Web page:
Diatoms (Saturday Review)

There. It was done. The mosaic was complete. It was tiny, about the size of a full stop. However, under the microscope, it glistened and glinted, it sparkled and shined. It was a wonderfully symmetric arrangement, forming the overall shape of a circle, intersected into various quadrants. Yet, it was more than just geometry and scientific fascination. It was art. There they were, the wonderful Diatoms by Sabrina Culyba from Ludoliminal.

In All Seriousness – board games with sensitive topics (Topic Discussion)

I know that many of us play board games to have fun. Whether we enjoy lighter or heavier games, it's all about spending time, either alone or with friends or family, getting away from the day-to-day worries and immersing yourself in another world for an hour or two or three. Yet, there are games that are set against the background of a very serious topic. These games want us, the players, to engage with the topic in a safe environment. They will never be perfect representations of the reality they portray, but hopefully, they will make us want to engage with the topic further.

Next Station: Tokyo (Saturday Review)

We were on our way to the city's main station to board the bullet train to Kyoto. Travelling on the Asakusa underground line towards Ikebukuro, we had just passed through Kasumigaseki and arrived at Ginza station. We were nearly there. It was Next Station: Tokyo by Matthew Dunstan from Blue Orange.

I C E (Saturday Review)

The snowshelf reached from horizon to horizon in all directions. We were in the Valley of the Ancient Ones, which was a frozen region, pounded by deadly storms, but which had made space for a single, lone city. It was summer and time for the guilds to go on their annual pilgrimage and explore this tundra. As one of the leaders, you were about to take your guild to look for vestiges of a civilization whose existence had been passed down through myths and stories. If you were successful, you would bring riches and prestige to your lodge. You knew the risks, but you were prepared to go out onto the I C E by Bragou and Samson F. Perret from This Way.

Single-Use Games – the board game hobby’s throw-away attitude (Topic Discussion)

Let's be honest. Most of us in the hobby buy games that we play once or twice or in rare cases, three or four times. In fact, the term "shelf of shame" is a thing, describing games that people have bought but not yet played. The thing is, these games sit there unplayed for months on end and may never see the welcome sight of a table, let alone a board game table. So in this article, I want to look at this a bit further and investigate why we don't play the same games more than a handful of times.

Top 5 Games of (and I reviewed in) 2023 (Saturday Review)

Announcing the annual Top Table Award is always a pleasure and an honour at the same time. Choosing and deciding the order of the top 5 games I reviewed in 2023 is never easy. There usually isn't much between the games and they are all great for their own reasons. So, irrespective of which one won the coveted award, all of the games are worth a closer look. Here goes...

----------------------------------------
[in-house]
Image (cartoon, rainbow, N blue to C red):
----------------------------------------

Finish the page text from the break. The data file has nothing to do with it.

Stop Toying With Me – when gimmicks in board games have a purpose (Topic Discussion)

Some might argue that board games are basically just toys. Some games add to that argument when they play on the toy factor by including one or more components that are basically just a gimmick. These components could easily be replaced by something else without affecting gameplay. Yet, some games are accused of capitalising on the attraction of gimmicks when these playful components are actually an integral part without which the game wouldn't function. In this article, I want to look at this a bit more closely.

2023 – A Year in Review (Saturday Review)

Another year is almost over - and what an eventful year it has been. It is time to talk about everything that has happened, the events I attended and the games I played, give you all an update on the financial state of the blog and maybe share some sneak peeks for the year ahead. So, here goes...

No Win Situation – a look at victory conditions in board games (Topic Discussion)

Whether we play competitive or cooperative games, we all expect someone to be the winner. Even if it's "the game" who wins in a cooperative game. In fact, there is usually a single winner or a team in team games. Most games will list one or multiple tie-breakers to decide who is the ultimate winner. So the idea of victory conditions has become second nature to most of us in the board game hobby. Yet, there are games that don't elect a winner and in this article, I want to talk about what this might feel like.

Gold n’ Grog (Saturday Review)

Ho, ho, ho and a bottle of rum! That was the song that accompanied the small boat being rowed by a motley crew of scallywags. We were heading to our secret pirate treasure island to retrieve the loot we had stashed over many, many years. The problem was, none of us knew exactly where we had buried our spoils. We had packed plenty of shovels though to make short work of this small patch of land. After we pulled up on shore and spread out on the island, it was time to dig for Gold n' Grog by Jake A Smith from Next Adventure Games.